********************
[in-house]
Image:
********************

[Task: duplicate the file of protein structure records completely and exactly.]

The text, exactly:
[in-house]
Image: